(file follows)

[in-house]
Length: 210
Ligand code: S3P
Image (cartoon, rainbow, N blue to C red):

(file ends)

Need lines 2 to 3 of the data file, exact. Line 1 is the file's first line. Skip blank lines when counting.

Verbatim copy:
Length: 210
Ligand code: S3P